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Baraka Blends Moroccan Taste and PDX Style

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Baraka
3203 SE Division
473-6606

Here in hyper-creative Portland, there are a lot of restaurants that try too hard to be everything to everyone. Every now and then I'll hear about yet another Somalian-Icelandic creperie with a queer night, a pinball machine, a mariachi band, and an indoor dog park. Baraka, a new restaurant on Division Street, took a similar risk by blending the traditional Moroccan culinary experience with a typically Northwestern social attitude. This time, though, the risk paid off.

For example, while you're encouraged to eat with your hands Moroccan style, utensils are knowingly provided. One is gracefully reassured by the servers that resorting to silverware will not offend anyone or make one look like an idiot. The waitress also begins the meal by pouring cool water over your hands, but gently explains the ritual to prevent any confusion. The interior flaunts a mix of ornately decorated Moroccan paraphernalia and idiosyncratic American touches (the owners used to run a thrift shop, so there's lots of kitsch).

Another perk, the prices at Baraka are low: The all-encompassing "Taste of Baraka" ($20) includes a bowl of soup, a salad, an appetizer, an entrée, and a dessert. The most expensive entrées cost only $10, and suffer no loss of quality for it. The harira, a traditional lentil soup, makes a great starter. It's warming and hearty, and boasts a well-rounded, herbal intensity. Three vegetable salads are also available; I tried Fatima's salad, with tender, lemony carrots, potatoes rolled in herbs, and spiced beets. The combination of tastes refreshed and cleansed the palate.

One appetizer, zaalouk, was a dish of eggplants slowly cooked with tomatoes, herbs, and spices. It was served cold, which was surprising, but worked well as a dip for pita bread; whole chunks of eggplant with caramelized skins added texture to what was basically a puree. I also highly recommend the pastilla, a savory phyllo pastry filled with marinated chicken and sweetened almonds, and garnished with cinnamon and powdered sugar. As with many of the dishes at Baraka, surprising combinations like cinnamon and chicken add depth to dishes that would be less impressive without them. These touches seemed to come from a genuine knowledge of the cuisine rather than an attempt at novelty. For the main course I ordered Couscous Baraka—buttery, fluffy semolina grains with vegetables and chicken or beef, all laced with the earthy flavor of fermented lemon. The unique citrus flavor combined with fresh, flavorful, perfectly tender vegetables made for a superb dish.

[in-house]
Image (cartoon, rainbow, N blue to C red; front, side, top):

Another spectacular entrée was the tagine with poached egg and shrimp, bathed in a liberally spiced tomato-garlic-cilantro sauce. It came with a very generous serving of shrimp, and the sauce was pleasantly potent. I'd also recommend the lamb with apricots and prunes—a classic Moroccan combination of rich savory meat with sweet, spiced fruit. The restaurant serves just one dessert: a Moroccan flan layered with biscotti, shredded carrots mixed with orange juice, cinnamon, and sugar garnished with coconut. It's served chilled, and is a subtly sweet way to end the meal.

Baraka stands out from the crowd by serving great traditional Moroccan food, but, wisely, they also cater to the tastes of Portland diners. Fortunately, it's a balancing act that works.

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